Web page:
first family reunion. Related events in others' lives may be difficult,
such as the birth of a friend's child bringing back the loss of your
own-years later, when you thought the grief was gone.
Missionaries may be more likely to experience traumatic situations.
Other cultures may be more likely to have assault, political unrest,
evacuations, bombings, killings, kidnappings, and so forth. When this
happens to a missionary, others also become involved, and rightly so.
Even though they did not experience the trauma firsthand, those helping
also often grieve over the loss caused by the trauma.
When a people in business get moved, they blame the company. When
people in the military get moved, they blame the government. When
missionaries get moved, they may blame not only administrators at
headquarters, but also God himself. After all people have prayed about
the move and have determined that it is God's will. God called us, he
made us move, and it is his fault. Naomi's statements about God in Ruth
1:20-21 are excellent examples. Returning missionaries may feel just as
What can we do about it?
- Be honest. The loss and grief you experience is real. Do not deny
it; it really hurts. Do not over spiritualize it and say what a
privilege it is to suffer for Jesus, if it is not. Be honest and
open about your feelings of loss.
- Be informed. Reading this brochure and other material about grief
helps you become informed. Realize that all of these "Ts"
are especially relevant to missionaries.
- Be Christian. Too often Christians deny their feelings of grief.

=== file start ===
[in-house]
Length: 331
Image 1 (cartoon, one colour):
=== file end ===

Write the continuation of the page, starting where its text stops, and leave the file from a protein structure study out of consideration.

They may quote 1 Thessalonians 4:13 as saying that we are not
"to grieve like the rest of men." Do not stop there
because the rest of the verse is "who have no hope." We
grieve, but like people who have hope. Look at what the Bible says:
- Abraham grieved. Genesis 23:2
- Jacob grieved. Genesis 37:35
- David grieved. 2 Samuel 18:33
- Jesus grieved. John 11:35. "Jesus wept" is one of
the shortest but most important verses in the Bible. If he wept
at the funeral of a friend, we certainly can grieve about our
- Be missionaries. We have an excellent example of people saying
good-bye to missionaries in Acts 20:17-21:1. Paul talked extensively
about his leaving them, and then beginning in verse 36, note what
- They said their good-byes.
- They knelt.
- They prayed.
- They wept.
- They embraced.
- They kissed.
- They went to the ship.
- They tore themselves away.
This is a good example of the grief expressed at the parting of a
missionary. Paul had ministered to them two years, and such grief is
normal and expected. If you do not express the grief over your losses,
it may remain unresolved and return to hinder your work. Be honest
informed Christian missionaries relative to your loss and grief.
Member Care Consultant